Thanks to the Harmon Kardon involvement, the Samsung HW-Q70R soundbar offers great music performance as well. The device’s Standard sound mode feature will provide 2-channel sound with surprising subtlety. Kate Bush vocals are brought forward without sounding bright, while the gravel of Nick Cave’s voice is provided by the sub.
This unit’s headline feature is the DTS:X and Dolby Atmos support. However, what helps differentiate this soundbar from other soundbars on the market is how genuinely it can use 7.1.4-channel sound formats to give you object-based audio rather than using technologies such as Acoustic Beaming and Psychoacoustics to do so. The twelve speakers it has inside it is what helps it achieve all this. All these speaker are powered by seventeen drivers. The 2 woofers and wide-range tweeter make up the front channels and these are powered by a single driver each.
The speakers inside are divided into 12 separate channels, which include 1 subwwofer, 2 rear heights, 2 front heights, 2 rears, 2 sides, a single center piece an 1 front right and 1 front left (all of which use a built-in 512-Watt amp that has a claimed frequency response of about 34Hz – 17kHz.
However, its one major downside is that, besides having very efficient object-based decoding as well as sophisticated multi-channel delivery, its setup is rather simple and fairly basic. While this helps make it easier to install, it might hinder you from getting the best out of it. Samsung should’ve included for us some auto-calibration so we can ensure that it’s performing at optimum levels.
For connectivity, you’re provided with 2 HDMI ports and a single output. These all support High Dynamic range (Dolby Vision, HDR10, HLG, HDR10+), 4K/60p, Rec.2020 and HDCP 2.2. These ensure that there’s almost nothing it isn’t capable of handling properly. Its single digital optical input feature is the only other physical connection it has. But, it has other wireless connectivity options you can choose from, such as Wi-Fi and Bluetooth connectivity. Although, given that it’s a top-tier, high-end soundbar, it’s a bummer it doesn’t support Chromecast or Apple AirPlay. Anyway, at least you get great encoded sound with the Standard mode and all channels will be activated when on Surround mode.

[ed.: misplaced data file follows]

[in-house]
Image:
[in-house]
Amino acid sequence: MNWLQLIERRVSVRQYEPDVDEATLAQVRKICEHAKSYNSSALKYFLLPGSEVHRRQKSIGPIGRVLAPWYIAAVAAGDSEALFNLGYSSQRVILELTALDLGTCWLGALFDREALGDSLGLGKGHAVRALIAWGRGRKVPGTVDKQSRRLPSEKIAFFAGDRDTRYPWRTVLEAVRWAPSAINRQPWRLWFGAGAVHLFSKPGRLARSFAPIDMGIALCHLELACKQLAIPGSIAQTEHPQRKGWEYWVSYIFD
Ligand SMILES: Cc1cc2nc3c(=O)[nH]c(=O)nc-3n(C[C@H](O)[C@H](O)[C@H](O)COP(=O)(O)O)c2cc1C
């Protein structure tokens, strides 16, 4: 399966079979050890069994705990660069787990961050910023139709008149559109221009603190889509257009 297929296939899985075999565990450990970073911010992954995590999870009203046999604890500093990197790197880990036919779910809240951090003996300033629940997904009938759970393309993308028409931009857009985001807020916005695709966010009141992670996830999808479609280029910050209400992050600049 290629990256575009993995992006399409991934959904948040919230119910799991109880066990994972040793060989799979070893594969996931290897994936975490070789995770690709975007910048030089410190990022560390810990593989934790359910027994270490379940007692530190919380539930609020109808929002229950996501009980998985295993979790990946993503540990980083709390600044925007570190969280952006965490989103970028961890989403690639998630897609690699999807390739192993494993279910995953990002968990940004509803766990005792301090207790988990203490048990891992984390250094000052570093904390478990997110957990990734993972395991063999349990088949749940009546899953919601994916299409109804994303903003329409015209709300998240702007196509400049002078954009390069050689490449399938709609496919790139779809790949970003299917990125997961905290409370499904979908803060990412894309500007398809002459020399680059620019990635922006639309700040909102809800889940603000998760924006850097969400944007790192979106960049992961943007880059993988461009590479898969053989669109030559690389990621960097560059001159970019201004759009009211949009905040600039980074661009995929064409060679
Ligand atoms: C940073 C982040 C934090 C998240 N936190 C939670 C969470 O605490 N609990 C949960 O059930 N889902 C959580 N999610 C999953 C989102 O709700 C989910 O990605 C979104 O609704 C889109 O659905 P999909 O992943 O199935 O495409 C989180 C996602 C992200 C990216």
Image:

The HW-Q70R soundbar features a 3.1.2-channel speaker configuration, that has a total power of 330-Watts and a frequency range of about 35Hz – 20kHz. It also has 3 forward-firing speakers, meaning dialogue will have a dedicated center channel. Its 2 upward-firing speakers literally bounce audio off the ceiling which, in turn, creates the illusion of an overhead channel. This is what the company calls Acoustic Beaming. Even though this technology can be incredibly effective, to get the best results from it you’ll need reflective, flat and low ceiling. Its newly designed wireless active sub uses an 8-inch, side-firing driver, accompanied by rear port designed to provide you impressive amounts of bass extensions for a sub and bar combination.
This Samsung soundbar also supports both DTS:X and Dolby Atmos. Both the subwoofer and soundbar can provide 1.1.2-channels straight from the box, however, you can also buy SWA-85005 (optional) if you want to add rear channels. This is the first Samsung soundbar that’s been released in 2019 to have been manufactured in conjunction with Harmon Kardon, the company’s subsidiary. The main testing and design was still done in the California-based Samsung Audio Lab, however, Harmon Kardon eventually tuned the resulting system.